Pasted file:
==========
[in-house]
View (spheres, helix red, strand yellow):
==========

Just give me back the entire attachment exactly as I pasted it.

[in-house]
View (spheres, helix red, strand yellow):